Shoes are accessories that most of us are going to utilise, at least for parts of our day. They obviously can affect the way we hold our bodies, and have the potential to cause us problems.
Poorly fitted shoes can cause problems. They may be local problems in the foot and ankle area. Or may cause issues elsewhere in the body, if they alter our gait, or cause a change in body position.
98% of babies have perfect feet, yet by adulthood 65% of us are experiencing problems with our feet. A lot of damage can be done in our teenage years where we really don’t concern ourselves with ideal footwear. Girls (predominantly) in their teens run the risk of damage if they wear high-heeled shoes. The bones of the feet aren’t fully ossified until age 17 or 18, and so more vulnerable to damage before this.
When considering footwear we should consider general health issues. A diabetic, or possibly someone with other vascular issues will need to take greater care to protect their feet.
Perhaps we should also consider keeping our body weight within an ideal range. There are clearly many health benefits for this, not least, reducing strain through our joints.
Our footwear should also be appropriate for the activity we intend to do. So this may be related to a sport, for protection at work, going for a walk, standing all day at work, or may be getting dressed up to go out.
Some considerations for trying on shoes
Try on at the end of the day when our feet are at their largest.
Bring the socks or tights you intend to wear with the shoes to try on.
Look at the heel counter. Try and find shoes that contour well with the heel to prevent slipping.
Leather on the inside and outer of the shoe is ideal. First for breathability, and also for it’s ability to mould to the foot.
Try and find shoes that are seam free on the inside to prevent irritation.
Fastenings are important. Laces, Velcro or straps will secure the shoe far better. Are slip-on shoes staying on because they’re too tight, or are you having to curl your toes to keep the shoe on?
There should be a 1cm gap between your longest toe and the front of the shoe. The front of the shoe should match your foot in shape. Make sure the width of the shoe accommodates the widest part of your foot.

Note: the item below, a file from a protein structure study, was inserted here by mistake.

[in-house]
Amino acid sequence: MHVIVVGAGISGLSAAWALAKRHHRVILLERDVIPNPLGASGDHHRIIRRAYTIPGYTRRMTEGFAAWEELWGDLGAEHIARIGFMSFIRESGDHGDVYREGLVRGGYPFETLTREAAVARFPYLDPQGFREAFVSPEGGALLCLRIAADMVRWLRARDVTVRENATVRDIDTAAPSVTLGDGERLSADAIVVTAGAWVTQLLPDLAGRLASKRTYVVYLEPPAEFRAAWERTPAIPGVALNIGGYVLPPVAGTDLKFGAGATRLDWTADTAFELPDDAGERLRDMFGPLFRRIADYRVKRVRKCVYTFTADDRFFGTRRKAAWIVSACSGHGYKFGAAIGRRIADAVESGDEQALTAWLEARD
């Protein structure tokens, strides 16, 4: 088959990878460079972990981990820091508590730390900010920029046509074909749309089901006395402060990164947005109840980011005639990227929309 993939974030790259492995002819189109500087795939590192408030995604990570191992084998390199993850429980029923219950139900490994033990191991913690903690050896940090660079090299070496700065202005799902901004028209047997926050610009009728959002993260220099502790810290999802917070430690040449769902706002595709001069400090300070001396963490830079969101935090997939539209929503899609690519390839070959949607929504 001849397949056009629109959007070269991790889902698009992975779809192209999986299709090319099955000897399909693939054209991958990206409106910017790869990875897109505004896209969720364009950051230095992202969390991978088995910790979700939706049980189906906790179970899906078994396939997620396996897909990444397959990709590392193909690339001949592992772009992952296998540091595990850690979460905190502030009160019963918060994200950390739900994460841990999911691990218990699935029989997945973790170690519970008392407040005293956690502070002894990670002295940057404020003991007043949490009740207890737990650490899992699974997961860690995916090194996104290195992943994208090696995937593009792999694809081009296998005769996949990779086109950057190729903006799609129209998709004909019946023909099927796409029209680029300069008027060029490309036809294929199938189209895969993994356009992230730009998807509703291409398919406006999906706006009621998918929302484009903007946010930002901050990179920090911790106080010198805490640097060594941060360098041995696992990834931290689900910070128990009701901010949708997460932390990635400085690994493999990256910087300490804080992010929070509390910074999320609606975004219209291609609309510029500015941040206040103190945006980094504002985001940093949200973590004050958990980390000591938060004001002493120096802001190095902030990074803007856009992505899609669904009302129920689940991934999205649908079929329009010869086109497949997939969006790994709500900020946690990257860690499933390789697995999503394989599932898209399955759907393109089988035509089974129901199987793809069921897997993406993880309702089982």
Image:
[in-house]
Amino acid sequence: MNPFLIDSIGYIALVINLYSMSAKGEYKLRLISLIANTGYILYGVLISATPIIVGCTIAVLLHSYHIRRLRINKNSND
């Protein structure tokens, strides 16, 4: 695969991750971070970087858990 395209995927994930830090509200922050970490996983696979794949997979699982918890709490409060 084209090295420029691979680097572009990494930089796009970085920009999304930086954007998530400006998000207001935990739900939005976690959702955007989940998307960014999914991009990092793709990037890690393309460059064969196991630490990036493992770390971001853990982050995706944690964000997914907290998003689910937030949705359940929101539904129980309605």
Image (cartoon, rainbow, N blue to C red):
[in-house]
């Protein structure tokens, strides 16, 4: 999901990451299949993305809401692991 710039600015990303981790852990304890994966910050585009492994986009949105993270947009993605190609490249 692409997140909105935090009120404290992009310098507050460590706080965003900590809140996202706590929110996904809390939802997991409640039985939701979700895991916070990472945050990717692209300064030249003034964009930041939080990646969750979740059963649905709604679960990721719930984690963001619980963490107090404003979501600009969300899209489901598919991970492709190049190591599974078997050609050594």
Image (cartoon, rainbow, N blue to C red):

Try and reduce the time spent in heels each day. Take them off where you can.
Aim for no bigger than 1.5/2 inches.
The heel takes a great proportion of weight when it strikes the floor in walking. Aim for a broad heel to give greater pressure distribution.
Buy the specific footwear necessary for the activity.
For running activities, or if you suffer with persistent problems, gait analysis may be useful to assess your specific needs.
In the running world, there is ongoing debate between wearing trainers, or running barefoot/specialised barefoot shoes. There is some evidence that indicates reduced pressure through the foot with the weight bearing position of running barefoot. With the knock-on effects of reduced lower extremity injuries, better proprioception, and increased ligament and muscle support at the foot arch. More research needs to be carried out. Any runners thinking of changing should do so slowly, as adaptations to barefoot running may take a while. It wouldn’t be recommended for those with reduced sensation in their feet, a very rigid foot, and to those that have osteopenia and osteoporosis.
On the flip-side of this. There is little evidence to support the decision-making process in relation to foot position when choosing trainers. Buy what feels comfortable to you, and/or seek advice.
These can be inserted into footwear to alter the position and mechanics of the area. They also may be used to address problems higher in the body. Changing the position of your foot, will inevitably have an effect elsewhere.
If you feel this may be an option for you, seek advice from your Osteopath and/or Podiatrist.